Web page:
… The world is witnessing a titanic struggle between democracy and autocracy — an all-hands-on-deck moment where no nation in the free world can afford to be complacent.
NATO isn’t perfect, of course. It has come in for harsh criticism from Ukrainian President Vladimir Zelenskyy, for dithering on the admission of Ukraine. Nevertheless, it’s still the best defence Canada has against those who would seek to harm us, and our allies.

28 June
Terry Glavin: All Trudeau had to do was stay on script on Russia.
At least nothing he said about the failed coup could be twisted by the Kremlin’s propagandists
To be fair, in his answers to reporter’s questions during his Arctic Council visit in Iceland, Trudeau certainly said nothing to spook the Kremlin. Quite the opposite. And Trudeau got this much right: “We need to make sure that we are not facilitating the liberal use of propaganda and disinformation that we know the Russians tend to do.”

27 June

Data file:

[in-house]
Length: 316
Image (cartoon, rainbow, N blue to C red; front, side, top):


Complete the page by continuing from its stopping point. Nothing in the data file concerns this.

Global Affairs moves Arctic centre from Norway to Ottawa after promising to increase foreign presence
[T]he decision appears in stark contrast to promises by Joly as well as the findings of Future of Diplomacy, the major overhaul of the department published in early June.
Two weeks after Foreign Affairs Minister Mélanie Joly promised to increase Canada’s presence abroad, she’s shutting down its Canadian International Arctic Centre (CIAC) office in Oslo

25 June
Arctic and global security top agenda as Trudeau meets Nordic leaders in Iceland
(CTV) Arctic security and Russia’s invasion of Ukraine were top of mind as Prime Minister Justin Trudeau arrived in Iceland Sunday for a two-day summit with Nordic leaders.